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OpEdNews Op Eds    H3'ed 5/11/11

Harvey Wasserman on How We'll Survive and Win

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DAVID SWANSON: Okay, we're recording, this is David Swanson, I'm speaking with Harvey Wasserman, long time wonderful activist, author, author among other of wonderful books of "Solartopia," and Harvey, you were emailing me yesterday a little bit about success stories. Do you want to elaborate?

HARVEY WASSERMAN: Well, when we first started the anti-nuclear movement back in 1973, and we weren't the only ones, there had been a bit of an anti-nuclear movement. There have been some three successful stories in the U.S. that I know of in the 60s where reactors were stopped or moved. One was in Humboldt County, California where they actually proceeded, they started to build a nuclear plant and discovered it was right on an earthquake fault, so they dug this hole and I guess, I haven't seen it, but I guess the fault was visible. That's abandoned, then there was going to be one in eastern Oregon, in the desert part of Oregon and the City of Eugene was a partner, and they pulled out, based on a citizen uprising. Then there was also going to be one in Ravenswood, Queens, right in the middle of New York City! And that one, there was a great man named Larry Bogart who helped fight that, but that one was just moved to Indian Point, it actually became Indian Point.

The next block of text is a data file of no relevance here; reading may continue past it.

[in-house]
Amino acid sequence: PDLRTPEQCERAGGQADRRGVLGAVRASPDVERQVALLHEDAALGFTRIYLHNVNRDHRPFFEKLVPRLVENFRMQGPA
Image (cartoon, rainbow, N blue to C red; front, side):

So, there was some" there were a couple of books around about anti-nuclear stuff, but in '73 the, I was living on a communal farm in Montague, Massachusetts, which is 90 miles west of Boston and 180 pretty much due north of New York City and the local utility came in and said they were going to build a nuclear plant, two reactors, two big reactors four miles from our house. And we just basically said no, we're not going to let this happen, we saw they published a picture, an artist's rendition of the nuclear plant superimposed on the site where they wanted to do it and, you know, it was kind of like an instinctual thing when we saw this, we just said, you know, we're not gonna do this. It was a communal farm and we never actually sat down and had a meeting! And discussed whether or not we were going to oppose this thing, it was just all instinctual, we just, everybody assumed we were going to fight it, and we just started fighting it.